It appears that the government is proposing to introduce a new Right to Shared ownership for tenants of “most” newly built housing associations homes (“who live in new grant funded homes”). The minimum stake is being lowered from 25% to 10%. These lucky people will be able to increase their stake by instalments of as little as 1% a year! Shared ownership includes the obligation that the owner/tenant (they pay mortgage and rent at the same time) carries out repairs themselves. However, the government is proposing to introduce a “10 year repair free guarantee” though this will only cover “major” repairs.

It has also just been announced that the government’s new Help to Buy scheme begins on December 16th. A report by the National Audit Office last year found that 63% of people who have bought homes with the scheme could have afforded to buy one without recourse to it.

The government refuses to listen

The government is clinging to its ideological straight-jacket of worship of home ownership. It continues to ignore even its own councillors in the Local Government Association (LGA). The recent report commissioned by the LGA and other organisations called for government funding for a programme of 100,000 council homes a year (see the Labour Campaign for Council Housing media release). With an expected increase of evictions from the private rented sector in the new year, councils will be unable to handle the number of households knocking on their door because of homelessness. They do not have the finances to manage a big increase in the number of people they have to place in temporary accommodation because, unlike the previous system where the rent for each household placed was covered by central government, they only receive a fixed sum regardless of how many households they have to place.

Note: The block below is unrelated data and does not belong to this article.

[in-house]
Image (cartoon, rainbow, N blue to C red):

Given the economic impact of the pandemic, with a likely spike of unemployment, the shortage of council housing will be even more acutely felt. Private lobbying of the government by the LGA will not shift them. What’s required is a campaign drawing together all those organisations which understand the need for a return to a large scale council house building programme. Councils should pass resolutions along the lines of demanding central government funding for building 100,000 social rent homes a year. MPs should be put under pressure.

The White Paper offers no extra money for council housing. What is available is largely provided for “affordable rent” and for shared ownership and other forms of “affordable home ownership”. From 2010 to 2019 the number of council homes in England fell by 199,000. There can be no resolution of the housing crisis without a return to large scale council house building.

Martin Wicks

November 23rd 2020

Affordable homes part funded by Homes England


Affordable RentSocial RentIntermediate RentAffordable home ownershipTotal Affordable
2019-2016,8631,4781559,76528,261
2018-1918,889995558,78728,726
2017-1819,7631,033345,03225,862
2016-1718,28059154,00922,885
2015-1613,1001,49722,79117,390
Total86,8955,59425130,384123,124

1See The Case for Cancelling HRA ‘Debt’ https://keepourcouncilhomes.files.wordpress.com/2019/05/updateforhealey.pdf